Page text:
Banks are supposed to be places to save money, and for the most part, they are. But for those who aren’t paying attention, there are many ways that banks actually cost you some of those hard-earned bucks. From hidden fees to misleading interest rates, beware of these ways that your bank may be costing you money.
The most obvious of the fees, ATMs charge you anywhere from $0.50 to $5 just for the right to take your own money out. You can avoid these fees by using the ATMs that are at your own bank, or by finding certain places that will refund them. They’re rare, but they do exist!
Extra services fees
Need a money order? That’ll be $2.50. How about a cashier’s check? That’ll be $10. How about opening an account? Or dipping below the minimum balance? Get ready to cough up hundreds of dollars for those crimes. Read the fine print before you commit your money somewhere.
Most banks will let you overdraft by default – you need to visit the bank to intentionally disable this feature so you won’t be able to take out more money than you have available. In this way, banks can fine you for something that you didn’t even realize you were able to do.
Really, all manner of fees that you could possibly imagine
You can even get charged a fees to increase your credit card limit, something that is supposed to be guaranteed after a certain number of months or transactions. You could write a dissertation just on the number of hidden fees that banks have.
Teaser interest rates
Oftentimes, if your bank lends you money, you’ll get a great low interest rate to pay it back. But the fine print makes it clear that you’ll only receive that rate for the first few payments, after which it’ll skyrocket, costing you hundreds of dollars. They’ll get you with the seemingly good deal, only to have it disappear before long.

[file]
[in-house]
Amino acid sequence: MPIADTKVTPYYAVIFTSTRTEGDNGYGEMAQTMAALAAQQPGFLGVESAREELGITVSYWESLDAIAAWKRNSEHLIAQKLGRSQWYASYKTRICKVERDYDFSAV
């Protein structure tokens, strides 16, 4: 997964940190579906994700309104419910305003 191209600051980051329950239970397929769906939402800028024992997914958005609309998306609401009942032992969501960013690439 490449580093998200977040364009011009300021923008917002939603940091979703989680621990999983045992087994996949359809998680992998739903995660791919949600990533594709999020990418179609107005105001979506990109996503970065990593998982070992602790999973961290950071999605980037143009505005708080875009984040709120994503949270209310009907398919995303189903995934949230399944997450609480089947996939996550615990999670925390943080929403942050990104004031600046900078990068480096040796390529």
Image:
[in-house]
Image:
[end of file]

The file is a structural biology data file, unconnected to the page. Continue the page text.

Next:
Appropriating your payments where they want
If you have multiple loans or debts with one place, you can’t control where your payments go. Meaning your bank can appropriate your payment to the debt with the lower interest rate – definitely not where you’d prefer it. You’ll still owe more on the bigger debts with higher interest rates, so they can collect more on it while you find the money.
You thought you just had to worry about your own checks bouncing! Silly you, banks can actually charge you for “returned deposits,” or a check bouncing that was being deposited into your account. Meaning your unemployed roommate’s rent check, Grandma’s birthday check from an account she didn’t realize had closed, and your shady employer’s paycheck are all going to cost you if you try to – *gasp* – deposit them.
Tired of using online services? Doesn’t matter, because some banks will charge you a fee to speak with a person on the phone or even at a bank counter. Customer service at its finest.
Currency conversion is always tricky (especially since the rates can change as you walk from one side of the bank to the other), but you can get screwed getting foreign currency, and then again trying to convert it back. Most banks will charge a fee to do it anyway, so make sure you only convert exactly what you need. Or just go on a souvenir spree your last day of a trip.
Charging you for trying to get the hell out of there
You’ve finally had it with your bank, and you’re trying to get your money out of there to move it elsewhere. Get ready for a parting gift, because most banks will charge you to close an account, especially if it’s been less than six months or so. Fun stuff.